In a manually operated visual tracking system, a camera operator follows an object of interest by moving the
camera, then gains additional details about the object by zooming in. As the active vision field progresses, the
ability to automate such a system is nearing fruition. One hurdle limiting the deployment of real-time visual
tracking systems is in the object recognition algorithms that often have restrictive scale and pose requirements.
If those conditions are not met, the performance of the system rapidly degrades to failure. The ability of an
automatic fixation system to capture quality video of a non cooperative moving target is strongly related to the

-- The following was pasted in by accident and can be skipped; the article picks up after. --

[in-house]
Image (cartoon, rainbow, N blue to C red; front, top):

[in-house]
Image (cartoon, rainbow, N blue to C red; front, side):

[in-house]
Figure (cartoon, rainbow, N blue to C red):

response time of the mechanical pan, tilt, and zoom platform. However, the price of such a platform rises with its
performance. The goal of this work is to investigate the feasibility and issues that arise when using inexpensive
off-the-shelf components in the development of a visual tracking system that provides scale-invariant tracking.
One of the main challenges is in the zooming action. Optical zoom acts as a measurement gain, amplifying both
resolution and tracking error. Previous work has shown that adding a second camera with fixed focal length can
assist the zooming camera if it loses fixation, effectively bounding the error. Furthermore, optical zoom has a
longer time-constant than digital zoom. This work proposes a dual camera hybrid zoom configuration where
digital zoom is combined with optical zoom to achieve a behavior closer to an ideal zooming action.